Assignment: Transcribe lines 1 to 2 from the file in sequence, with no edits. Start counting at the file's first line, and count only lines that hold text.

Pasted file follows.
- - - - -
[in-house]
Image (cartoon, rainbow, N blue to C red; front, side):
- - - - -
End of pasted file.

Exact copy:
[in-house]
Image (cartoon, rainbow, N blue to C red; front, side):